How ‘hugot’ can lead to innovation

Words by

Digital Reporter

Potential startup founders have to face one very important question before they can even start: “What problem do I want to solve”?

With so many problems to choose from in our day‑to‑day lives, how can you choose just one? Startup founder Christina Guanzon of EARS and Shubhabrata Sengupta, Lead Innovator for Accenture Philippines, took inspiration and strength from painful moments in their past.

See, Guanzon was born deaf. Sengupta, on the other hand, grew up in a community in India where electricity was scarce.

 

DEFINING INNOVATION




Let’s start with Sengupta. The innovator had all ears on him during the Spark Series x University of Santo Tomas last February 17, to define what innovation and what his job in Accenture entails.

“What is innovation? Come on, you all know what innovation is,” Sengupta goaded the audience. He called on a student to answer for him, and developed the definition from there. “Innovation is making things anew, it is changing something that you do everyday,” he defined, differentiating it from invention, which he defined as “making something new.”

Sounds confusing? Here are two examples of innovation given by Accenture’s lead innovator.

First, the fingerprint scanners on the latest smartphones like iPhone X. No one had to invent a new fingerprint scanner or a new smartphone for this technology to exist. Someone from Apple’s big company of geniuses decided to put a fingerprint scanner on a smartphone and now we have a phone that can identify its own owner by fingerprint.

Another innovation, something that we’re more familiar with and something that Sengupta is fascinated by, is our modern passenger tricycle. (Or pedicab, or TODA, we all have different names for it depending on where we’re from.) Motorcycles have already existed, sidecars have already existed. Put them together, with a few modifications, and we have a hardy mode of public transportation for short trips inside residential communities. Now that’s innovation.

“Many things that you do in life are innovations, you probably just don’t realize it,” Sengupta said.

In passing, Sengupta talked briefly about what led him to being an innovator. He grew up in Burdwan, India, in the late ‘80s. Electricity was scarce. Lamplight was more reliable than light bulbs. So he became interested in studying electronics, so that perhaps someday he and the people in his community can live bathed in light. He graduated from the University of Burdwan in 1993 with a degree in electronics, and now he’s here, in the Philippines, developing innovative products like augmented reality car showrooms, so you don’t have to leave the comfort of your home when shopping for a new car.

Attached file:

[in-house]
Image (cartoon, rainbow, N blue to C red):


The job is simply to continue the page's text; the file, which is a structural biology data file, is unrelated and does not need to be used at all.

HUGOT

Meanwhile, Cristina Guanzon, who graduated from UST, shared the stage with her sister and business partner, Pauline. It was hard, growing up with a disability that took away one very important sense, but it’s Cristina’s hardships that led the Guanzon sisters developed the Early Action Response System (EARS) from Cristina’s college thesis.

“One out of five road accident victims are pedestrians (many are persons with disability),” said Cristina Guanzon on the need for her startup. “Nine out of ten women are victims of abuse in public transport.” The mere day‑to‑day act of commuting may pose more challenges for female PWDs like Cristina Guanzon. Even if she can read lips, she still wouldn’t be able to recognize sounds from behind her, which could warn of impending danger.

EARS, which is still under development and slated for future road tests, is a wearable device that alerts its hearing‑impaired wearer of possible threats from beyond their line of sight through a series of lights and vibrations. It will also send a notification to the user’s emergency contacts.

Pauline Guanzon likened their inspiration for EARS to the popular trend of hugot. “Start with a pain point, the more personal the better,” she said. “This is your hugot. What is the personal situation that you care about to do something about it.”

“Your vision has to be bigger than your profit,” she added. “To achieve true sustainability, you have to think of how your movement today will affect tomorrow.”

Take it from Martin Mauhay, business leader of Freenet. “Find a cause, otherwise everything else is chaos.”

And that’s it for our re‑cap of the latest Spark Series. See you soon, Benilde!